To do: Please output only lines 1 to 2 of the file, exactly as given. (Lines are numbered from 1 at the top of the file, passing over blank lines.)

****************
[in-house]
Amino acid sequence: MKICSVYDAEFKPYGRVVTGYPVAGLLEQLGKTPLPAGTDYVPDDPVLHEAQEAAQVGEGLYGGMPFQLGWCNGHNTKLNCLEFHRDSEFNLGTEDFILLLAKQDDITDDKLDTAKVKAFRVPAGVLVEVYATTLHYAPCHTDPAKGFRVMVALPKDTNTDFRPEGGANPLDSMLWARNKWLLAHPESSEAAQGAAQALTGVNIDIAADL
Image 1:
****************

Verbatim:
[in-house]
Amino acid sequence: MKICSVYDAEFKPYGRVVTGYPVAGLLEQLGKTPLPAGTDYVPDDPVLHEAQEAAQVGEGLYGGMPFQLGWCNGHNTKLNCLEFHRDSEFNLGTEDFILLLAKQDDITDDKLDTAKVKAFRVPAGVLVEVYATTLHYAPCHTDPAKGFRVMVALPKDTNTDFRPEGGANPLDSMLWARNKWLLAHPESSEAAQGAAQALTGVNIDIAADL